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The Most Expensive Cloth in the World - ASHARQ AL-AWSAT English Archive
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Saudi worker sew Islamic calligraphy in gold thread on a drape to cover the Kaaba at the Kiswa factory in the holy city of Mecca on November 8, 2010. (AFP/Mustafa Ozer)

Saudi worker sew Islamic calligraphy in gold thread on a drape to cover the Kaaba at the Kiswa factory in the holy city of Mecca on November 8, 2010. (AFP/Mustafa Ozer)

Mecca, Asharq Al-Awsat—The Ka’aba, Islam’s holiest shrine, is the black cuboid located in Al-Masjid Al-Haram in the holy city of Mecca. Directing oneself towards the shrine—an act known as Qiblah—is an obligatory aspect of prayer for all Muslims. The shrine is also the destination for millions of pilgrims every year. Last year, the number of Muslim pilgrims totaled 3,161,573; an 8 percent increase from 2011, according to Saudi Arabian officials.

But while the shrine itself has remained the same for many centuries, the famous black cloth that covers it is changed every year. Draped over the Ka’aba is 658 square meters of black silk cloth embroidered with gold and silver. This famous cover is known as the Kiswah and it has been made in Saudi Arabia since 1927, according to Al-Joudy, a professor of modern Islamic history.

He told Asharq Al-Awsat that “the history of covering the Kiswah covers several historical periods. The most important of these is the era of the Prophet Muhammad—peace be upon him—who was weary of the polytheists’ hostility. They did not let him shroud the Ka’aba until Mecca was conquered.”

The same cloth remained there until it was accidentally burned in an attempt to fumigate the cloth using incense. Muhammad then began the tradition of annually renewing the Kiswah, which was continued by the caliphs who ruled in his stead.

With the advent of the Ummayyad Caliphate, a new Kiswah replaced the old one twice a year. The first took place in a ceremony on tenth day of Muharram, the first month of the Islamic calendar, and the second on the last day of the holy month of Ramadan, before the Eid Al-Fitr celebrations.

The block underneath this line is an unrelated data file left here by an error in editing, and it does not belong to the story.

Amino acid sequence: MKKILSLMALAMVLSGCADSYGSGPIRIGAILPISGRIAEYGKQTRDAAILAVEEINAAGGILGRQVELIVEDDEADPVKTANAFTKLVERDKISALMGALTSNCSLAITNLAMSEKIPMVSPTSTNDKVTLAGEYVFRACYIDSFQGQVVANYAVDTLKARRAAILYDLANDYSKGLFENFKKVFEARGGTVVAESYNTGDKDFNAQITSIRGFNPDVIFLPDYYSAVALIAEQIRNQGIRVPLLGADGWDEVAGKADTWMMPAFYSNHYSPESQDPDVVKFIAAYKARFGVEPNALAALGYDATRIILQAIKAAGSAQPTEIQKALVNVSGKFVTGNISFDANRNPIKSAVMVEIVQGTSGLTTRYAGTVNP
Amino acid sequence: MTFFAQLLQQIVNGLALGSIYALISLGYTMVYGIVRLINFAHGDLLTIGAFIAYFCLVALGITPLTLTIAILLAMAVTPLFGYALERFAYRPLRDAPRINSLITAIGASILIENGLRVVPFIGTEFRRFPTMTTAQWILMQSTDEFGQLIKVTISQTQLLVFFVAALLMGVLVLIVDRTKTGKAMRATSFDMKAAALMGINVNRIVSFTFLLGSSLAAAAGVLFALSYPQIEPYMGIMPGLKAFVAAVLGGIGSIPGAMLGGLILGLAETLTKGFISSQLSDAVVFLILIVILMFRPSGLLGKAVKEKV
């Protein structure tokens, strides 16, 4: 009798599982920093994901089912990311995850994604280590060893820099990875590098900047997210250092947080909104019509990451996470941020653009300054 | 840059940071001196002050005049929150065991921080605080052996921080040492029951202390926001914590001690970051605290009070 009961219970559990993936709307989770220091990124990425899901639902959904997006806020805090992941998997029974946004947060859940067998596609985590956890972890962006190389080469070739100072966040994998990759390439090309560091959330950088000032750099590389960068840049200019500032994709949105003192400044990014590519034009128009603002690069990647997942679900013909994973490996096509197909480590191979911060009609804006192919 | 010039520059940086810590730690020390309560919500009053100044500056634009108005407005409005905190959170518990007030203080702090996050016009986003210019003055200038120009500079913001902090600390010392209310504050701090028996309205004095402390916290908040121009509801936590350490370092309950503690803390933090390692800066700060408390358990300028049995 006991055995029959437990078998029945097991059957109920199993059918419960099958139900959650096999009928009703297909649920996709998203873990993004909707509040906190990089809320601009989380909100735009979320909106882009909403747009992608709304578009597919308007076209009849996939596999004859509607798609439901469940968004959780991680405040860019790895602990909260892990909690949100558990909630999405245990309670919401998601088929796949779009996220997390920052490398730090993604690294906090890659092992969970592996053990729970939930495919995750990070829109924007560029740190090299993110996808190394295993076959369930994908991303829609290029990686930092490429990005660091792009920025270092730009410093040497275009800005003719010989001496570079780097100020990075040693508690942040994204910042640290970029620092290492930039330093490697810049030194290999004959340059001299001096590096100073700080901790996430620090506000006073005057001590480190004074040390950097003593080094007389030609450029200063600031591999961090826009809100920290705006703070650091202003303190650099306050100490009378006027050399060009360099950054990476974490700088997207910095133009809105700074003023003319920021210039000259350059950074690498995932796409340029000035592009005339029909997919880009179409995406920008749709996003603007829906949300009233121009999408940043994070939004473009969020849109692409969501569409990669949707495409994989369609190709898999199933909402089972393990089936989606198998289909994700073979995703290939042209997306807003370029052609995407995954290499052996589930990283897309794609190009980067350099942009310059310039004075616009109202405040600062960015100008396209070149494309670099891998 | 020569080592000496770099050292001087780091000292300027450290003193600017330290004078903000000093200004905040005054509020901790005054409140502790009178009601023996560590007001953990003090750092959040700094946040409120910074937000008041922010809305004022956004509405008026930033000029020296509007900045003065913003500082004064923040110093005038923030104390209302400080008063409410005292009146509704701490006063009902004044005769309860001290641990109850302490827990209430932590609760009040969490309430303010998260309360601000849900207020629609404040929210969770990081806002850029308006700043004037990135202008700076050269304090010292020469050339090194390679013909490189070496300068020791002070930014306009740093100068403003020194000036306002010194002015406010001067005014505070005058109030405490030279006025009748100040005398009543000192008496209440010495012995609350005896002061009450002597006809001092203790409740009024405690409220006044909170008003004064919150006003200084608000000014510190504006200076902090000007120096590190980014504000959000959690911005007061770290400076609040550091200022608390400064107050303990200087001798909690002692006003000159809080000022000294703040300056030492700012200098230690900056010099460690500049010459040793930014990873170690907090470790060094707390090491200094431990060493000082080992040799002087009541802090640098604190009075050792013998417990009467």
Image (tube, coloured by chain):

During the Abbasid period, three separate colors were used at different times, until Al-Nasir li-Din Allah, the 34th Abbasid caliph, decided to use only a black Kiswah. This tradition has continued to this day.

In 1927, King Abdulaziz issued a royal order for the construction of factories and villages dedicated to making the Kiswah. Sheikh Abdul Rahman Al-Ansari was the first manager of the factory, and in 1977 he established a new facility for manufacturing the Kiswah, where they are madeto this day.

Dr. Mohammed Bajouda, manger of the Kiswah factory, told Asharq Al-Awsat that “the Kiswah consists of 47 reels of cloth, each of which are 14 meters [46 feet] in length and 95 centimeters [3 feet] wide.”

While the materials used to be sourced from Egypt and the surrounding countries, the finest silk threads are now imported from Switzerland and Italy. Costing SAR 20 million (USD 5.3 million), the Kiswah is the most expensive cloth in the world. According to Bajouda, this sum of money includes the cost of raw materials, wages for those involved in the construction and administration costs.

The top third of the cover—46 feet (14 meters) high—is framed with verses from the Qu’ran and other Islamic decorations. Beneath this, there is a frame for the entrance to the Ka’aba, also made of pure silk. It is 23 feet (7 meters) high and 13 feet (4 meters) wide, and also contains Qu’ranic verses and other embroideries made from gold and silver thread.